- Translation Workshop #2: Translating Manga in the Simulpub Age, featuring David Everlyn
- Film Screen and Talk Event (Friday, March 11th, 2022)
- Japan Parade Art Contest 2022″, organized by Japan Day @ Central Park.
- NY Future Lab Podcast
- Japanese Pop Culture: Connecting the World through Manga and Anime
- April 2022
- February 2022
- January 2022
- November 2021
- October 2021
- September 2021
- March 2021
- January 2021
- October 2020
- September 2020
- March 2020
- February 2020
- January 2020
- December 2019
- November 2019
- October 2019
- September 2019
- August 2019
- July 2019
- March 2019
- November 2018
- September 2018
- August 2018
- June 2018
- May 2018
- April 2018
- March 2018
- February 2018
- January 2018
- December 2017
- November 2017
- October 2017
- September 2017
- August 2017
- June 2017
- May 2017
- April 2017
- March 2017
- February 2017
- January 2017
- December 2016
- November 2016
- October 2016
- September 2016
- August 2016
- July 2016
- June 2016
- May 2016
- April 2016
- March 2016
- February 2016
- January 2016
- December 2015
- November 2015
- October 2015
- September 2015
- August 2015
- July 2015
- May 2015
- April 2015
- March 2015
- February 2015
- January 2015
- December 2014
- November 2014
- October 2014
- September 2014
- August 2014
- June 2014
- May 2014
- April 2014
- March 2014
- February 2014
- January 2014
- December 2013
- November 2013
- October 2013
Monthly Archives: November 2013
Summer Internship aInstitute of Contemporary Asian Studies (ICAS) at Temple University Japan Campus (TUJ)
Please let us introduce our internship program in response to the inquiry
“Internships in Japan?” from Jeffrey Angles, Associate Professor, Western
Since 2007, Institute of Contemporary Asian Studies (ICAS) at Temple
University Japan Campus (TUJ), has hosted summer interns from many
universities across the world. These unpaid summer internships for non-TUJ
students (undergraduate and graduate) offer a unique opportunity to spend a
productive summer in Tokyo. You can find out more about the program at
The interns to work as research associates with faculty members, help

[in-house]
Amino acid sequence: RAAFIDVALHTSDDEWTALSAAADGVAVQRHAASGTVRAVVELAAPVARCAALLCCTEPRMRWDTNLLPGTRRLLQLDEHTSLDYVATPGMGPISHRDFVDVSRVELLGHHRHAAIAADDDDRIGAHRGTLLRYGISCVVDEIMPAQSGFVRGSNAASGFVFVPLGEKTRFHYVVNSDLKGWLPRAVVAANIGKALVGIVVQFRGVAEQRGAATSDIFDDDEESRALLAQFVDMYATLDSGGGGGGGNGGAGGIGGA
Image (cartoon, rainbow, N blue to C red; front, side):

organize conferences, or work on special projects with TUJ administrators.
Interns have worked on organizing major academic symposia, assisted faculty
in their research (in the fields of history, anthropology, sociology,
international relations, communications and literature) and co-written
articles. For students who have their own research project (such as writing
a senior thesis), programs may be devised that suit their interests while
contributing to the research activities of TUJ faculty.
Interns participate in seminars and discussion groups at TUJ, visits to
museums, businesses, embassies, and interesting sights in Tokyo and
TUJ encourages interns to take advantage of their time in Tokyo by
attending conferences and other cultural events. Interns will be provided
with networking opportunities in the professional communities of Japanese
academia and government, and can participate in tours and other activities
both within Tokyo and across Japan, which TUJ sponsors for its own students
during its session.
We just started recruiting the interns for summer 2014. We would appreciate
if you could forward the information to the appropriate person/department
at your school and spread a word out.
If you have any questions, please do not hesitate to contact us at
Robert Dujarric, Director
Kyle Cleveland, Associate Director
Eriko Kawaguchi, Coordinator
I would like to introduce you that Japan Foundation New York Japanese Language Program will be offering Conversation Café as follows:
Date: Tuesday, December 10, 6:30 – 8:30 pm
Place: The Nippon Club (145 West 57th Street, New York, NY 10019)
What: Chat in Japanese with native speakers and fellow Japanese leaners over a cup of Japanese tea, soft drinks and snacks! Moderated by our Japanese instructor, you will learn about Japanese culture and language in a relaxed atmosphere. Topic will be “New Year’s Traditions in Japan.” Great opportunities to refresh your memory, make new friends and preview JF Japanese Language Course. Join us for a fun and interactive conversation!
Fee: $5/person (refreshments included) at the door. Cash or check only.
Registration: Space is limited and RSVP is required. To RSVP, please email the following information to firstname.lastname@example.org.
– Phone number
– Email address
– Japanese language proficiency level (i.e. no experience, beginner, intermediate, advanced, etc.)
More Information: http://www.jfny.org/language/events.html
Japan Information Center
Japan Info e-Newsletter
Consulate General of Japan in New York
299 Park Avenue, 18th Floor
New York, NY 10171
This Thursday, November 21, during club hours in room VC 10-165, Baruch Japan Club will be having our semestral Food Day! For students who are fans of Japanese food, we encourage you to join us. Food Day aims to teach people about certain facets of Japanese cuisine every semester and let our members try these cultural foods. For those who have attended this event before, Baruch Japan Club welcomes everyone back to learn more about some Japanese food’s origins and how they are prepared!
As an added treat, this Tuesday from 5:30PM to 8:00PM, Japanese Anime Asylum (JAA) is having a movie night featuring Hayao Miyazaki’s movie, “From Up on Poppy Hill.” Popcorn and soda will be sold to help fundraise for Relay for Life. Japan Club officers will be attending and are encouraging everyone to join us in room 2-125.
Please share this message with your students and invite them to join us!
Gen Hua Tan
Assistant Secretary | Baruch Japan Club
Dear prospective participants,
I am writing to invite you to take part in Harvard Summer School’s 8-week program at Doshisha University in Kyoto, Japan. Students enroll in 2